While giving their support, the chairman of elders of Kwara South, James Ayeni, in a statement, re-echo the support of the zone for the north.
The group’s commitment, according to him, stemmed from the fact that the remaining two districts of the state’s central and south would occupy the elective position of governor and deputy governor, respectively.
The statement read partly: “While people reserve the right to pursue their ambition, Kwara South senatorial believe that ambition must be tamed and must not be wild to the point of threatening our unity, or truncate the focus of group on good governance and quest to deliver dividends of democracy.”
Blueprint Weekend gathered that as at the last count, at least eight aspirants had so far declared their intention to run for speaker.
Despite the fact that APC is the party with the clear majority having cleared all the 24-member seats, it seems the quest for the speakership which has now taken a dangerous dimension is on the verge of thwarting the Otooge gains on which mantra many of the new players on the political scene were elected.
While speaking to Blueprint Weekend on condition of anonymity, a party stalwart said chances are that Hon Pooola might clinch the ticket after all, adding that “his loyalty has been tested and trusted, and his experience cannot be matched by the others.”
“Let me tell you this, despite the ban, there is an ongoing scheming by the aspirants and there are camps now if you must know,” he said.
Another party member who does not want his name in print said the only thing that could scuttle Popoola’s chances in all of these “is the planned return of Alhaji Lai Mohammed as Minister of Information and Culture knowing fully well that he hails from the same southern constituency with Popoola.”
However, pundits in the Kwara political firmament have argued that like Kwara north, legislators from Kwara south can also lay claim to the speakership position on the basis of equity and justice.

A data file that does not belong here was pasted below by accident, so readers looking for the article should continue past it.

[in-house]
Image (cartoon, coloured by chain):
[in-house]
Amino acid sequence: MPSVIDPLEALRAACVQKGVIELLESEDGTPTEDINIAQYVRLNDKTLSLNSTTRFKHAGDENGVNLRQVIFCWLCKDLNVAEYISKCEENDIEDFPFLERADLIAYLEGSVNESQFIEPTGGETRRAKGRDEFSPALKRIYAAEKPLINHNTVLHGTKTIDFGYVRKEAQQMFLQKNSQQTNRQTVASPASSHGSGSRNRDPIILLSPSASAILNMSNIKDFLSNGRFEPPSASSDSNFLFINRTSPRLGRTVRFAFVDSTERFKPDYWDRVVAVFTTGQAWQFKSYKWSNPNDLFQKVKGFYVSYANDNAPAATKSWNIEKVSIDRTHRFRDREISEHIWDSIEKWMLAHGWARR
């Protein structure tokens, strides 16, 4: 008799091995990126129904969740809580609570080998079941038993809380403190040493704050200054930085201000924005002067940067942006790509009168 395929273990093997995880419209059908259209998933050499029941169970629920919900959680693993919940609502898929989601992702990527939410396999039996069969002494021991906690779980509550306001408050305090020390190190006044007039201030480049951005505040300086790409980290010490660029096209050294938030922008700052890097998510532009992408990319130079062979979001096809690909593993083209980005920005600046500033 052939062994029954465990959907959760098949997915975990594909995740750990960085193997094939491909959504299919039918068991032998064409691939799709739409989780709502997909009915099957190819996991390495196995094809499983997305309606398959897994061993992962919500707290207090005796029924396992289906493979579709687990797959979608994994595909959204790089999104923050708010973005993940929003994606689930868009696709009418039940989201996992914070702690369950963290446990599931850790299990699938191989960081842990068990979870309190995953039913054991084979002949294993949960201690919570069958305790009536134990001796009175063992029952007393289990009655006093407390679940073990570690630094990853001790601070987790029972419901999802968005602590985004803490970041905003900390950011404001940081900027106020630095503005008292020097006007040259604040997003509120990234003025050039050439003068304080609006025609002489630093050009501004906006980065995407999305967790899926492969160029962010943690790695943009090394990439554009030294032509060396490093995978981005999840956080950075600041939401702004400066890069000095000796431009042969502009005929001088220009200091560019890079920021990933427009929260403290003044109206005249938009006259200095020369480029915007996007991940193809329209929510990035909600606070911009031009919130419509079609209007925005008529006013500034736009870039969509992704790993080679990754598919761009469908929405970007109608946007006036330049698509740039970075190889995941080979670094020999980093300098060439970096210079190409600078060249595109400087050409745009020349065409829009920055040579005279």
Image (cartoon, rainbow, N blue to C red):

Baring his mind on the issue, a concerned Kwaran and political analyst, Ibrahim Abdulahi, said during the regime of former Governor Bukola Saraki, a southerner, Chief Afolabi Ogundeji was the deputy governor and another southerner, Hon. Babatunde Mohammed, was the speaker on the basis of qualification and not zoning and “heaven did not fall.”
He said, “If they are now saying Popoola cannot be speaker now, they should be reminded that there was once a precedent and people should not turn themselves to revisionists overnight.”
A two-horse race?
Although hordes of aspirants for the speakership position came from the Kwara north axis in the state, the contest appears to have been trimmed down to two of the most prominent among the contestants as others appear to have stepped down for a strong force among them in order to increase their chances of clinching it.
Leading the packs of contestants is Hon. Saheed Popooola who is representing Balogun/Ojomu constituency (Kwara South) in the outgoing assembly and Hon. Abdulahi Halidu Danbaba from Kaiama constituency in Kwara north.
The die is cast
However, as the purported ban is yet to be lifted, warring gladiators for the speakership position, as gathered by this medium, have resulted to high-wire lobbying in the state and the Abuja national headquarters of the party.
Unconfirmed report has it that one of the contestants has already contacted a former South-west governor who he believes has the ears of a Lagos-based political heavy weight to fight his course on account of his age-long loyalty to the party.
While some people say legislative experience and loyalty should be considered by the members-elect, others are of the opinion that a senatorial district that i yet to benefit from the political equation should be given the chance to produce the speaker.
As it were, it remains to be seen where the pendulum swings, but head or tail, it is expected that the elected speaker would complement the new governor’s efforts towards delivering the dividends of democracy to a state yearning for rapid development.